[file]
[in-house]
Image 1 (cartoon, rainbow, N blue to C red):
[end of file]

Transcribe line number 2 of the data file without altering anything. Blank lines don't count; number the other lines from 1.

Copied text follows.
Image 1 (cartoon, rainbow, N blue to C red):